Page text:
United States District Court, M.D. Florida, Jacksonville Division
TIMOTHY J. CORRIGAN, UNITED STATES DISTRICT JUDGE
Delmar Reinheimer, an inmate of the Florida penal system,
initiated this action by filing a pro se petition for writ of
habeas corpus pursuant to 28 U.S.C. § 2254 with attached
exhibits. See Doc. 1 (Petition; Pet. Ex.).
Reinheimer challenges both his 2010 state court (Clay County,
Florida) conviction for lewd or lascivious battery of a
victim between 12 and 16 years and his 2010 violation of
probation imposed in 1995. Respondents filed a response with
attached exhibits. See Doc. 11 (Response; Resp. Ex.)
Reinheimer replied. See Doc. 13 (Reply). With the
Court's permission, see Doc. 22, Reinheimer
later filed a supplement to his petition and attached
exhibits. See Doc. 23 (Supp. Petition; Supp. Pet.
Ex.). Respondents filed a response to the supplement and
attached exhibits. See Doc. 32 (Supp. Response;
Supp. Resp. Ex.). Reinheimer replied. See Doc. 33
(Supp. Reply). This case is ripe for review.
a guilty plea (Resp. Ex. L at 214-20), Reinheimer was
convicted on September 16, 2010, of lewd or lascivious
battery of a victim between 12 and 16 years Id. at
221-32. On the same day, Reinheimer also pled guilty to
violation of probation imposed in 1995. Id. at
234. On the new conviction, the court sentenced Reinheimer to
thirteen years imprisonment to be followed by two years
probation. Id. at 225. For the violation of
probation, the court sentenced him to five years for each of
the four counts of attempted sexual battery. Id. at
233-38. The court imposed concurrent sentences in both cases.
Id. at 227, 238. Reinheimer did not take a direct
filed a motion for postconviction relief pursuant to Florida
Rule of Criminal Procedure 3.850, which he later amended.
Resp. Ex. K at 1-11; 101-25. The state court held an
evidentiary hearing on ground one, at which five witnesses
testified. Resp. Ex. L at 239-352. On January 3, 2012, the
court denied Reinheimer's motion in a twenty-three page
order, accompanied by 254 pages of exhibits. Resp. Ex. K at
190-200; Resp. Ex. L at 201-400; Resp. Ex. M at 401-468.
Following briefing in the appeal, the First DCA affirmed
without opinion (Resp. Ex. S); denied rehearing (Resp. Ex.
T); and issued the mandate on June 2, 2014 (Resp. Ex. U).
Reinheimer v. State, 138 So.3d 443 (Fla. 1st DCA
Standard of Review
Antiterrorism and Effective Death Penalty Act of 1996 (AEDPA)
governs a state prisoner's federal petition for habeas
corpus. See 28.U.S.C. § 2254; Ledford v.
Warden, Ga. Diagnostic & Classification Prison, 818
F.3d 600, 642 (11th Cir. 2016). “‘The purpose of
AEDPA is to ensure that federal habeas relief functions as a
guard against extreme malfunctions in the state criminal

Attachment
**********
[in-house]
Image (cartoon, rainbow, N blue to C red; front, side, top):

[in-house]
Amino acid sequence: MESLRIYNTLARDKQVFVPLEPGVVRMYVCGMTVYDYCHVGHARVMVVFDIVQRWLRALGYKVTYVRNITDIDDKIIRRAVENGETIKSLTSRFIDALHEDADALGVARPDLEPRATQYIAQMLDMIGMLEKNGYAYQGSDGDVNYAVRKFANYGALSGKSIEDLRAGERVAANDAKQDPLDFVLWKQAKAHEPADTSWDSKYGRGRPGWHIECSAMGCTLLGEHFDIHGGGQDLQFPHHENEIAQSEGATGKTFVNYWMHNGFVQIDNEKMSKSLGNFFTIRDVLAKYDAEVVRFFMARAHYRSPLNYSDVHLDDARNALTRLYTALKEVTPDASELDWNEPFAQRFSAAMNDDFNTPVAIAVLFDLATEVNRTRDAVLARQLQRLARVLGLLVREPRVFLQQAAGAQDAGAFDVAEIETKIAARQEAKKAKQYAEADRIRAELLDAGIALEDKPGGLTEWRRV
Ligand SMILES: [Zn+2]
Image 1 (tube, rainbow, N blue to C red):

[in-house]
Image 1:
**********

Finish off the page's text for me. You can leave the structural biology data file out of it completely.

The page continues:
justice systems, and not as a means of error
correction.'” Id. (quoting Greene v.
Fisher, 565 U.S. 34, 38 (2011)).
first task of the federal habeas court is to identify the
last state court decision, if any, that adjudicated the claim
on the merits. See Wilson v. Warden, Ga. Diagnostic
Prison, 834 F.3d 1227, 1235 (11th Cir. 2016) (en banc),
cert. granted, Wilson v. Sellers, 137 S.Ct.
1203 (2017). Regardless of whether the last state court
provided a reasoned opinion, “it may be presumed that
the state court adjudicated the claim on the merits in the
absence of any indication or state-law procedural principles
to the contrary.” Harrington v. Richter, 562
U.S. 86, 99 (2011); see also Johnson v. Williams,
568 U.S.289, 301 (2013). Thus, the state court need not issue
an opinion explaining its rationale in order for the state
court's decision to qualify as an adjudication on the
merits. See Richter, 562 U.S. at 100; Wright v.
Sec'y for the Dep't of Corr., 278 F.3d
1245, 1255 (11th Cir. 2002).
claim was “adjudicated on the merits” in state
court, AEDPA bars relitigation of the claim, subject only to
the exceptions in § 2254(d)(1) and (d)(2).
Richter, 562 U.S. at 98. As the Eleventh Circuit
First, § 2254(d)(1) provides for federal review for
claims of state courts' erroneous legal conclusions. As
explained by the Supreme Court in Williams v.
Taylor, 529 U.S. 362, 120 S.Ct. 1495, 146 L.Ed.2d 389
(2000), § 2254(d)(1) consists of two distinct clauses: a
“contrary to” clause and an “unreasonable
application” clause. The “contrary to”
clause allows for relief only “if the state court
arrives at a conclusion opposite to that reached by [the
Supreme] Court on a question of law or if the state court
decides a case differently than [the Supreme] Court has on a
set of materially indistinguishable facts.”
Id. at 413, 120 S.Ct. at 1523 (plurality opinion).
The “unreasonable application” clause allows for
relief only “if the state court identifies the correct
governing legal principle from [the Supreme] Court's
decisions but unreasonably applies that principle to the
facts of the prisoner's case.” Id.
Second, § 2254(d)(2) provides for federal review for
claims of state courts' erroneous factual determinations.
Section 2254(d)(2) allows federal courts to grant relief only
if the state court's denial of the petitioner's claim
“was based on an unreasonable determination of the
facts in light of the evidence presented in the State court
proceeding.” 28 U.S.C. § 2254(d)(2). The Supreme